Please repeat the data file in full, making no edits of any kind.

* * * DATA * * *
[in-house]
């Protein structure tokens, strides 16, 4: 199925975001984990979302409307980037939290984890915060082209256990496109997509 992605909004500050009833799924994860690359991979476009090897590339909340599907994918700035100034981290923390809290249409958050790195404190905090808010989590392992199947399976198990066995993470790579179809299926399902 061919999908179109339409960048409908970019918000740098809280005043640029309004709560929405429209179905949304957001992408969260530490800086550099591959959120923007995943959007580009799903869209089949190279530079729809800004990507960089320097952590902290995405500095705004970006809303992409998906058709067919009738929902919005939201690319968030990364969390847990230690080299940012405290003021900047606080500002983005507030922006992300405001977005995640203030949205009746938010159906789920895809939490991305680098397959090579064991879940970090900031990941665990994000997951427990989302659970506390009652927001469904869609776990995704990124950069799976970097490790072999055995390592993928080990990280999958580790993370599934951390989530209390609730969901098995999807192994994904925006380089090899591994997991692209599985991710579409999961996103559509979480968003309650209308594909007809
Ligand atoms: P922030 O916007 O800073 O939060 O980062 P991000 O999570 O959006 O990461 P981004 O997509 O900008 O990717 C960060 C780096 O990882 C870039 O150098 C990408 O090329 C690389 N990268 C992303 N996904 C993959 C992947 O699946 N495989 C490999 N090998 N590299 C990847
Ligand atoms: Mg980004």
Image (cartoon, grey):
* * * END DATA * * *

[in-house]
């Protein structure tokens, strides 16, 4: 199925975001984990979302409307980037939290984890915060082209256990496109997509 992605909004500050009833799924994860690359991979476009090897590339909340599907994918700035100034981290923390809290249409958050790195404190905090808010989590392992199947399976198990066995993470790579179809299926399902 061919999908179109339409960048409908970019918000740098809280005043640029309004709560929405429209179905949304957001992408969260530490800086550099591959959120923007995943959007580009799903869209089949190279530079729809800004990507960089320097952590902290995405500095705004970006809303992409998906058709067919009738929902919005939201690319968030990364969390847990230690080299940012405290003021900047606080500002983005507030922006992300405001977005995640203030949205009746938010159906789920895809939490991305680098397959090579064991879940970090900031990941665990994000997951427990989302659970506390009652927001469904869609776990995704990124950069799976970097490790072999055995390592993928080990990280999958580790993370599934951390989530209390609730969901098995999807192994994904925006380089090899591994997991692209599985991710579409999961996103559509979480968003309650209308594909007809
Ligand atoms: P922030 O916007 O800073 O939060 O980062 P991000 O999570 O959006 O990461 P981004 O997509 O900008 O990717 C960060 C780096 O990882 C870039 O150098 C990408 O090329 C690389 N990268 C992303 N996904 C993959 C992947 O699946 N495989 C490999 N090998 N590299 C990847
Ligand atoms: Mg980004």
Image (cartoon, grey):